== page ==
As a raw-throated folk visionary, Amy Ray has helped to impress the Indigo Girls' place in pop's developmental psychology, referencing historical and social observations as a means of dignifying the process of figuring it all out. This month, Ray releases her first solo record, "Stag" -- a more searing collection of epithets against discrimination, oppression and, well, the music industry -- on her own Decatur, Ga., imprint, Daemon Records. It's full-circle time for Ray, who's seen the ins and outs of marketing and expectation with Epic Records as an Indigo Girl, and seen them through to a vital adherence to her own musical vision. These days, she touring with Team Dresch survivors The Butchies (who release there own record this month on Daemon as well) and still searching for something closer to fine.
OW: Easy question first: why Stag?
Amy Ray: I think It's kind of self-explanatory.
It reminds me of a promlike expression, an adolescent independence, which seems to be a recurring theme throughout the record.
I think there's a sense when you hit puberty where you almost freeze a lot of stuff. For a while you're almost imprisoned by all of that. Then, eh, you get older, and you almost revert back to it. That's what I feel like, and I think that the record is a way of getting that out of my system.
Do you think that the 20 years with the Indigo Girls work their way back into this record?
I think my career with the Indigo Girls definitely informs this record. A lot of the stuff is really inspired by my relationship with Emily `Saliers` and the things that we've come up against together. Some of the songs attack the industry in general.
With each record, the lyrics seemed to move away from what was understood as the philosophical Indigo Girls into a deeper, more realized activism.
That's very true. We've always been activists, but our songs came to reflect it more and more. As you get older, you start to be able to articulate what you're doing better. I think that the more political we've gotten, the less exposure we've gotten. It's directly opposite of a band like Rage Against the Machine, where the more political, the more exposure. The way that they're imaged by the press is very macho: a very male-driven anarchism. That's not they're fault. For the most part, we take part in the same things. When women do activism they're perceived as poetic and melodramatic. When men do it, it's like, "Revolution!"
It's tougher when it's got sort of niche market (gay, female, folk) involved, too.
There are so many things. We're women, and we're getting older, we're more political, and they can't figure out any other ways to promote you. We're lucky we've still got an audience and can just make our music.
The press release throws the "punk" word around a lot, so I was surprised at how "punk" it wasn't.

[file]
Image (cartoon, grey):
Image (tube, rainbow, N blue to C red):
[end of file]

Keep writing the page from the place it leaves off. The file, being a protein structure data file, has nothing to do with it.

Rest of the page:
When I talk about "punk," it's about an approach or philosophy. Recording a record yourself, and playing a record yourself. It's more of a process.
On a lighter note, how do you respond to the term "gay idol"?
I laugh. I'm doing my thing, and the activism is really important to me. I'm trying to create a movement of everyone being proactive.
You guys were lumped under the Lilith situation a few years back. There was a backlash against what seemed like a celebration of submissiveness, with poetry and candles on your grand piano. And that's not to slight the people involved, except for maybe Jewel...
`Laughs` Jewel's a good songwriter.
Maybe, but I just saw her on MTV Cribs showing off her giant candles in her spacious Southern California home.
There's also the issue of gay media, and its cliquish, if substandard, in-grouping. It's kind of reactive in a cheap way.
There's a lot of different levels to that. If we look that way at gay press, the "ghetto" as one of my friends calls it, then why would a writer want to stay in that world? So you lose a lot of your best talent, because the straight world is considered more successful, and pays more. I think that's our own self-hate in a way. At some point you have to stand up and be proud of where you're at, and contribute to where you're at. Because where you're at is sure to get better.
The CD features a pretty diverse array of people. Joan Jett! What is she like?
Well, she's got a heart of gold.
Not a heart of black?
`Laughs` She's a consummate musician, and full of attitude, but it's all positive with her. She's a rocker! She's been through long periods figuring it out, trying to have a career. But I think she's strong now.
Danielle Howle, Joan Jett, The Rock*A*Teens: A lot of women, and only a few men on the record, huh?
A lot of men behind the boards.
Do you see it in any way as an anti-male record? "Hey Castrator" is a title, and "Lucystoner" offers the lyrics, "Boys, you give yourselves away."
That's a good one. I think when I reference patriarchy, I'm also trying to find a common ground: What part of that do I have in myself? There are many male musicians that suffer under the same totalitarian, patriarchal system that females do. Look at Pearl Jam. They've been really successful, but I wouldn't say they're flourishing in this radio world right now.
There seems to be a separation of music and musicians as of late.
I think how women are treated is a barometer of the diversity in any situation. Look at rock radio right now, and it's all the same, same, same.
When I say, "Boys, you give yourselves away," I'm saying that you give away the fact that there's homoeroticism in rock & roll. On another level, I'm saying that you're selling yourself as much as any woman is. I'm sympathetic to it, you know, because I understand it. For anyone in this world -- it doesn't matter what industry -- with the onslaught of media and advertising and corporate marketing, it's hard for anybody to maintain a very pure sense of their identity.